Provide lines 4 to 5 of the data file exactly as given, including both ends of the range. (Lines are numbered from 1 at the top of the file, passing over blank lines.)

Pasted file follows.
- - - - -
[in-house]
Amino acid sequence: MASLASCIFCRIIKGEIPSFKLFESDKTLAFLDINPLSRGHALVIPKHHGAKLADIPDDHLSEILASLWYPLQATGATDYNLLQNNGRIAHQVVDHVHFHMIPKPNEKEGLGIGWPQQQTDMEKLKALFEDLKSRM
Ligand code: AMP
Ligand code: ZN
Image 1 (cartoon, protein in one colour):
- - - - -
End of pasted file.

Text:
Ligand code: ZN
Image 1 (cartoon, protein in one colour):